How to stop condensation on windows
It’s important to dry up any water that forms as a result of condensation. Using a window cleaning tool such as a squeegee or an old towel, mop up the excess water from the surface. Ensure you pay particular attention to any wooden or fabric surfaces that could be damaged by the water. Once the area is dry, you can start to think about ways to prevent the condensation.
Simple measures like keeping lids on pans and drying your washing outside where possible will help to reduce condensation. Plants can also add to the water vapour in your house so consider if these could be adding to your issue. Improved ventilation, such as opening windows, is by far the best quick fix to reduce condensation.
Making sure your home is well ventilated is crucial when reducing condensation. This can be as quick and simple as leaving windows open when you're at home. When cooking or using the bathroom, try opening the windows until the excess water or steam has gone.
Extractor fans in the kitchen and bathroom can be highly effective as these rooms are often responsible for most of the moisture in your home. If you don’t already have them, you may want to consider installing some.
If extractor fans aren’t enough, you might want to consider a dehumidifier to draw out the additional moisture. These can be particularly useful as you can move them around to where they’re most needed, for example, near drying clothes inside the house or in the bedroom at night.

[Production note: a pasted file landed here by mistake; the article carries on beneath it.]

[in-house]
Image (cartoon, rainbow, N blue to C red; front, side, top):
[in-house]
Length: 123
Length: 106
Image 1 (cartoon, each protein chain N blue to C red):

Consider improving the insulation in your home to make sure the temperature in your home is consistently kept above dew point (the temperature at which moisture in the air turns into a liquid). Upgrading to double-glazing or even triple-glazing will also help reduce condensation as the panes stay much warmer than single-glazed windows, and therefore don’t experience as much condensation.
Moderate the heating
Instead of quickly turning up the heating in your home to a high temperature, try putting your boiler on at a lower setting for longer. This can help prevent condensation in your house by reducing large temperature fluctuations. Try keeping doors closed in rooms you are using and attempt to keep the thermostat at the same temperature in every room. Whilst these short-term fixes may alleviate some issues, you may want to consider some of these long-term solutions to prevent further problems.
Long-term solutions to condensation problems
Increased ventilation can drastically improve condensation. Building airbricks into external walls and installing air vents in internal walls will allow airflow through the house. Fitting roof ventilation tiles in and under the roof and guttering will increase ventilation into the loft. Window vents on the tops of window frames should alleviate condensation on windows.
You may want to consider a heat recovery system that keeps your home fully ventilated. Installing a heat recovery system can also reduce condensation due to its de-humidification effects and temperature regulation.
Condensation on windows can cause damage to your home if it’s not addressed. Window frames can become damp and rot, soft furnishings around the window like blinds and curtains may become stained and mould growth can lead to respiratory problems. However, there are steps you can take to alleviate or eradicate the effects of condensation.
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